The “integration as a service” space continues to heat up, and Microsoft officially entered the market with the General Availability of Windows Azure BizTalk Services (WABS) a few weeks ago. I recently wrote up an InfoQ article that summarized the product and what it offered. I also figured that I should actually walk through the new installation and deployment process to see what’s changed. Finally, I’ll do a brief assessment of where I’d consider using this vs. the other cloud-based integration tools.
Why am I installing something if this is a cloud service? Well, the development of integration apps still occurs on premises, so I need an SDK for the necessary bits. Grab the Windows Azure BizTalk Services SDK Setup and kick off the process. I noticed what seems to be a much cleaner installation wizard.
After choosing the components that I wanted to install (including the runtime, developer tools, and developer SDK) …
… you are presented with a very nice view of the components that are needed, and which versions are already installed.
At this point, I have just about everything on my local developer machine that’s needed to deploy an integration application.
WABS applications run in the Windows Azure cloud. Developers provision and manage their WABS instances in the Windows Azure portal. To start with, choose App Services and then BizTalk Services before selecting Custom Create .
Next, I’m asked to pick an instance name, edition, geography, tracking database, and Windows Azure subscription. There are four editions: basic, developer, standard, and premium . As you move between editions (and pay more money), you have access to greater scalability, more integration applications, on-premises connectivity, archiving, and high availability.
I created a new database instance and storage account to ensure that there would be no conflicts with old (beta) WABS instances. Once the provisioning process was complete (maybe 15 minutes or so), I saw my new instance in the Windows Azure Portal.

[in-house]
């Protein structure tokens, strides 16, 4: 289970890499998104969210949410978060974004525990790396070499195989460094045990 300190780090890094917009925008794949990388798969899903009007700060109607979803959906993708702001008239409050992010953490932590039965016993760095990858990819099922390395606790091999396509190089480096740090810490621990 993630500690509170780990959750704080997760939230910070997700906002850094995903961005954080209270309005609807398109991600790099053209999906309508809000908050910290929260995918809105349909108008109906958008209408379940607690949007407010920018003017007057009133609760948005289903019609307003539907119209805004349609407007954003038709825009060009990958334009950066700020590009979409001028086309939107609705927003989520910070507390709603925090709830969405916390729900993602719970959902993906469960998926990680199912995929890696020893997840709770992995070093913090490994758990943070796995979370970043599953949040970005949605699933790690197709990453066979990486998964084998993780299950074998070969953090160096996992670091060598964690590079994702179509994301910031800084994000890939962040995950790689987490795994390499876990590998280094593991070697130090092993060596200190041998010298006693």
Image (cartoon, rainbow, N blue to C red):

Drilling into the WABS instance, I saw connection strings, IP addresses, certificate information, usage metrics, and more.
The Scale tab showed me the option to add more “scale units” to a particular instance. Basic, standard and premium edition instances have “high availability” built in where multiple VMs are beneath a single scale unit. Adding scale units to an instance requires standard or premium editions.
In the technical preview and beta releases of WABS, the developer was forced to create a self-signed certificate to use when securing a deployment. Now, I can download a dev certificate from the Portal and install it into my personal certificate store and trusted root authority. When I’m ready for production, I can also upload an official certificate to my WABS instance.
WABS projects are built in Visual Studio 2012/2013. There’s an entirely new project type for WABS, and I could see it when creating a new project.
Let’s look at what we have in Visual Studio to create WABS solutions. First, the Server Explorer includes a WABS component for creating cloud-accessible connections to line-of-business systems. I can create connections to Oracle/SAP/Siebel/SQL Server repositories on-premises and make them part of the “bridges” that define a cloud integration process.
Besides line-of-business endpoints, what else can you add to a Bridge? The final palette of activities in the Toolbox is shown below. There are a stack of destination endpoints that cover a wide range of choices. The source options are limited, but there are promises of new items to come. The Bridges themselves support one-way or request-response scenarios.